Terrorism Prevention and Firefighters: Where are the Information-Sharing Boundaries?   [open pdf - 631KB]

"The nation's one million firefighters are embedded in virtually every urban or rural area of the United States. Firefighters enter homes, businesses, vehicles, and other assets during emergency and non-emergency duties thousands of times each day in their efforts to prevent or respond to life and property loss. The unparalleled access that firefighters have to public and private locations puts them in a unique position to positively or negatively impact our nation's homeland defense and security information-sharing efforts. This thesis analyzes a number of information-sharing activities relating to terrorism and all-hazard strategies, policies, and programs in an attempt to identify whether U.S. fire personnel should participate in terrorism-related information sharing and--if they should participate--where the legal, political, and operational boundaries lie. The research identified a number of new strategic applications and tactical practices. The strategies and tactics are the result of comparing and contrasting legal compliance, political acceptability, target capabilities list linkage, operational impact, and cost factors of the current U.S. fire service information-sharing environment, the New York City Fire Department's Terrorism and Disaster Preparedness Strategy, the U.S. Fire Service's Intelligence Enterprise, and the United Kingdom's Civil Contingencies Act."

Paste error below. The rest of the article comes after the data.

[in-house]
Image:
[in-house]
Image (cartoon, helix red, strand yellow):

Public Domain
Retrieved From:
Naval Postgraduate School, Dudley Knox Library: http://www.nps.edu/Library/index.aspx
Media Type:
Cohort CA0705/0706
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